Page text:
Piercing the Corporate Veil in International Investment Law: Problems with the Denial of Benefits Clause
Oonagh Fitzgerald (ed), The Corporation in International Law and Governance. Perspectives on Globalized Rule of Law (Waterloo, ON: CIGI, 2020 Forthcoming)
17 Pages Posted: 17 Feb 2020
Date Written: January 21, 2020
The abolition of Investor-State Dispute Settlement (ISDS) between Canada and the United States in the Canada–United States–Mexico Agreement (CUSMA) is likely to renew the interest for corporate strategies aiming to take advantage of the protection of investment agreements concluded with third states. Treaty shopping and the problem of free riding by third country investors is certainly not a new feature of foreign investment. This problem is specifically addressed by denial of benefits (DoB) clauses in many investment agreements. DoB clauses allow a host state to pierce the corporate veil in order to deny treaty protection to foreign investors that have no economic connection to the state of incorporation. This paper explores the problems of form and the problems of substance of the DoB clause raised in arbitral decisions, with some concluding remarks.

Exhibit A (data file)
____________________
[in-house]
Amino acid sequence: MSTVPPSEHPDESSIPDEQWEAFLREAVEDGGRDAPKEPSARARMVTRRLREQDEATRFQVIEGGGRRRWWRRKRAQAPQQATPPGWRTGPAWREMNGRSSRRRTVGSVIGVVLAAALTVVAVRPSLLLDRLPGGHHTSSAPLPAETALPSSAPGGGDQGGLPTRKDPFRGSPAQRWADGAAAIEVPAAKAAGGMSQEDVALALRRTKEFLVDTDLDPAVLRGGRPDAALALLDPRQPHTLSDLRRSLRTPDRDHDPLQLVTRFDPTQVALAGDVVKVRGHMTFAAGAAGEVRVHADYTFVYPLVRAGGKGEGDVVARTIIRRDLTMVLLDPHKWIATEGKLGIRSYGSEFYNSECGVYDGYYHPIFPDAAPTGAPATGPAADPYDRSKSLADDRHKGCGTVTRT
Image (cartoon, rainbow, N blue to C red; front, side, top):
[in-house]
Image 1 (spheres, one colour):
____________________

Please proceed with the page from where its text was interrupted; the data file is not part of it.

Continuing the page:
Keywords: ISDS, international investment law, corporation
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